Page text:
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Canfor Corp.'s Mackenzie mill.

David Ebner/The Globe and Mail/David Ebner/The Globe and Mail

An unprecedented crackdown on safety in sawmills across B.C. after two catastrophic explosions that killed four people has led to the closing of a portion of Canfor's mill in the northern town of Mackenzie.

A chipping unit was shut for five days earlier this month as a result of sawdust built-up, Bruce Clarke, WorkSafeBC's prevention manager for the northern interior region, said on Friday in an interview.

Inspectors went into the mill on May 2 to check out flammable substances and ignition sources as part of a province-wide snap inspection ordered after the second explosion. "They found one area [that caused some concern]and shut it down," he said. When they returned on May 7, the mill was cleaned up to an acceptable standard and the closing-order was lifted, he said.

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The Canfor mill was the only one that inspectors so far have shut down as a result of significant sawdust accumulations.

The causes of the explosions at the Babine Lake Forest Products mill in Burns Lake on Jan. 20 and at the Lakeland Mills in Prince George on April 23 have not yet been determined.

However, WorkSafeBC has identified sawdust from processing dry beetle-killed timber as a possible factor in both.

A standard for sawdust build-up was established only after the second explosion three weeks ago. Previously, WorkSafeBC had standards for respiratory exposure to sawdust, but did not have a criteria for sawdust as a potential fire source.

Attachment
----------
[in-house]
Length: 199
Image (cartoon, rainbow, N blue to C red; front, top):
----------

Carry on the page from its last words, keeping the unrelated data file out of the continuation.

"We set a criteria of one-eighth of an inch," Mr. Clarke said. "This was just a precautionary thing on our part," he added.

"We still do not know for sure [whether]this is a major factor in the explosions or not. We're fairly sure they are contributing factors, but to what level of contribution . . . we won't know until the investigation is done," he said.

WorkSafe B.C. inspected dozens of mills after the explosion in Burns Lake in January. Inspectors identified sawdust build-up as an issue in some, but they were focused on respiratory issues, not fire prevention, he said.

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Inspectors at that time did not find many mills with excessive levels of sawdust buildup in the northern interior region, he said. "I'm not saying it was not a problem. At that point, we did not have a criteria to go by," he said. The province-wide number of mills with sawdust problems was not available Friday.

After the second explosion, WorkSafeBC issued a province-wide order on combustible dust and ignition sources. Inspectors subsequently headed out to check 176 mills. Up-to-date statistics on the number of orders that have been issued and the rate of compliance were not available on Friday.

Many of the inspection reports and orders are posted on the WorkSafeBC website. The online posting follows some criticism of WorkSafeBC for not providing easy public access to the inspection reports. Betty Pirs, vice-president of prevention services at WorksafeBC, said on Friday that reports will now be posted at the end of every week.

The reports posted on Friday show that 176 mills have been inspected since the second explosion and follow-up visits to see whether the mills complied with orders have been done at 108 mills.

Numerous infractions and violations of safety standards were identified, including a fire at the Decker Lake Forest Products mill in Burns Lake on March 6. Two workers were treated for mild smoke inhalation in that incident and returned to work.

The postings show that six mills have completed required improvements. Up-to-date records were not available on how many mills have failed to comply.

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